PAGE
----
American noise veteran Ren Schofield returns with his project Container. He has announced the release of a new EP called Creamer which will be out on August 27th via Drone. According to the press release, it across four sinewy beasts of electro-punk energy uses noise and distortion to create a cathartic, primal frenzy. Title-track is the first excerpt which comes with the official video.

He explains: “The basic idea of the track ‘Creamer’ was rustled up the day before what would turn out to be my last gig for a long time — an appearance at the Static Shock Festival in London in March 2020. Although normally I would spend quite a bit more time refining a track before I’d do it live, I was excited to play what was written of it at this show, as I find sometimes that the ‘test’ of playing something new in front of people can be a good way to find out immediately if it sucks or not. Luckily it felt great to play it and I couldn’t wait to finish writing the whole thing.

Restrictions and lockdowns followed shortly thereafter and I found myself without a place to work on music like I’d used to, and also a lack of time to work on it since I’d now started working a regular job after having all foreseeable live shows cancelled… and so the song went unfinished.

Months of creative frustration followed until after a bit of bouncing around between studios and a jarring run-in with law enforcement I was able to locate a permanent space just two minutes from my house and finally get settled and start working on things properly again. The four tracks on this EP are the immediate result of that, of spending a long stretch of time pent-up musically and then finally being granted a release.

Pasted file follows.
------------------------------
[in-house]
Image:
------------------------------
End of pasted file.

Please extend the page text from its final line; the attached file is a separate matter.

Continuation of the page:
This is also the first Container record not made with the Roland MC-909, a piece of gear which I had loyally used for a solid ten years previously and then savagely turned my back on in favour of a new era with the Digitakt. This change presented a new series of both freedoms and limitations to work with, as well as a bit of a learning curve, but is overall (to me at least) a breath of fresh air. My intentions and goals for this record were to make it way more ‘rock’ oriented than ‘techno’, almost as if it could be a band or adapted by one (albeit a rather non-traditional one), and I wanted to incorporate some potentially awkward sounding time signatures, but do my best to disguise them as something digestible and not without a groove.”